In the last moments of World War II, a secret Nazi space program evaded destruction by fleeing to the Dark Side of the Moon. During 70 years of utter secrecy, the Nazis construct a gigantic space fortress with a massive armada of flying saucers. When American astronaut James Washington puts down his Lunar Lander a bit too close to the secret Nazi base, the Moon Führer decides the glorious moment of retaking the Earth has arrived sooner than expected. Washington claims the mission is just a publicity stunt for the President of the United States, but what else could the man be but a scout for the imminent attack by Earth forces? The Fourth Reich must act. Two Nazi officers, ruthless Klaus Adler and idealistic Renate Richter, travel to Earth to prepare the invasion. In the end when the Moon Nazi UFO armada darkens the skies, ready to strike at the unprepared Earth, every man, woman and nation alike, must re-evaluate their priorities.
The scene where Washington, after he has been "albinised", is trying to respond to the Nazi salute while in a wheelchair is a nod/parody to Stanley Kubrick's 'Dr. Strangelove or: How I Learned to Stop Worrying and Love the Bomb (1964)'. See more »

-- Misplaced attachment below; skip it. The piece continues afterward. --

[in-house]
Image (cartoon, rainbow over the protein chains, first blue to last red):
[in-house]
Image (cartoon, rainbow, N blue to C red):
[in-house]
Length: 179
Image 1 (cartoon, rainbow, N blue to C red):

All weaponry reliant on explosive charges in a vacuum would make no sound and yet when the Washingtons colleague and the lunar module meet their demise on the moon using the luger and RPG, you can hear the gunshot, grenade launch, and the explosion of the LM. See more »
"Anyone familiar with Star Wreck?" director Timo Vuorensola asked today on an 'Iron Sky on Tour' screening. What seemed like everyone in the sold-out screening raised their hands.
"Anyone familiar with Moon Nazis?" he then asked. Somewhere in the back, someone raised their hand.
"You know, we did a survey and there *actually* are people in the real world who do believe there are Nazis on the dark side of the Moon. Oh, and the genre of this movie is Diesel-punk." (This from my memory - and translated into English.)
With this in mind, you know this movie is comparable to the immortal Airplane! and the best of the Python movies. Except that with barely 7.5M euros, the filmmakers have created a movie that contains, as the director explained, about as much CGI shots as Transformers: Dark of the Moon (now *that* reference must be very intentional as this is definitely the better movie) and looks about as good as a 2D version of that movie.
So, the camp humor may not be to some people's liking, but if you like camp, this is a nearly-perfect sci-fi specimen of the genre. In all categories of movie-making from script to screen, this is a triumph. Only nitpicks would complain. It's so hilarious, the audience roared in laughter throughout and even applauded in the middle of the movie. No one did that in a screening of Transformers: Dark of the Moon.
Not only "may" this be the cult hit of the year, it would be *very* surprising if the rest of the year brought along a bigger cult hit. This is a 9/10. Miss this at your peril. Or if you just lack a sense of humour and/or hate non-serious sci-fi.
158 of 259 people found this review helpful.
Was this review helpful to you?
| Report this